Each school will establish a division of labor that meets their needs. At our school, the school psychologist spends a great deal of her time testing and overseeing students who have either a 504 plan or an IEP.  I spend most of my time with children referred to as general education students.

MTW: What other kinds of school- or district-wide systems are in place to help your team be effective and create a culture of social emotional learning? 

Ms. Robinson: Our school and district have done a great job of working together to provide integrated services to our students. I believe there are key components to a successful social emotional learning community, one being an effective school wide social emotional learning education program. We chose Move This World. This program has worked very well for us. It was a part of every classroom each morning and at the end of the day. I love that MTW gave every member of our school community a common language that we used in our individual and group counseling, school wide programs and in our Wellness Center, (the place where Oquirrh children who are feeling strong emotions coming on can go for 10 minutes to cool down and refocus). I cannot count how many times during group and individual sessions a child would use MTW vernacular to describe what they did to manage themselves during a difficult moment!  

Our SEL Team and the Administration would rotate and visit classrooms and participate with the students. The school psychologist and I would also visit classrooms to offer additional SEL presentations in greater depth to further teach and promote these important SEL principles. As a SEL team we also visited weekly with our teachers at their PLC, (Professional Learning Community), meetings to keep updated as to the needs of their students. Referrals for additional services, that we refer to as Tier 2 and Tier 3 interventions, would come from teachers, parents, students, other members of our school staff and mentors from our Wellness Center. Because the Wellness Center takes data at each visit for each student, we could see which students were struggling the most and might need additional help. During Covid-19, we continued to gather remotely as a team of professionals to offer ongoing support and interventions to families.  

Our school district has established a Wellness Team that is a tremendous support to schools and families. They provide mental health screenings free of charge. On their website, families can see a list of community resources and local mental health providers, their specialties and what insurance plans they accept. For those families with significant needs that find themselves without access to needed services, we can screen them for our Mental Health Access Program, MHAP, where there are monies earmarked to provide those services at no cost to the family. Our Wellness Team also has a team of clinical mental health providers that can assist families with support and counseling as needed. Our efforts during the last two years have reduced the number of office referrals dramatically. Other indicators of success are documented by less absenteeism and increased academic performance. Our goals include fostering hope, kindness, gratitude, and empathy. Recent research indicates that these character traits not only produce good chemicals in our brains but lead to post-traumatic growth. While we would love to create a problem free life for our students, that would make them ill-prepared for life. It is important to realize that challenges and trials are an inevitable part of life. As we work together; we can give our students a sense of empowerment and resilience to prepare them to meet all life challenges.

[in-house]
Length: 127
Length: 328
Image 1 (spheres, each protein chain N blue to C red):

Thanks, Ms. Robinson, for being such a valued part of your school community and our MTW family! It’s clear how your role is impacting your school community by creating strong systems of support. Thanks for sharing your insights and experiences!

Social emotional learning is truly a team effort. By leveraging the experts in your building, and recruiting other experts from throughout the district, schools can provide meaningful support that impacts students throughout the school community, including their families. 

Are you ready to implement social emotional learning in your district or school? Share your information and we’ll be in touch!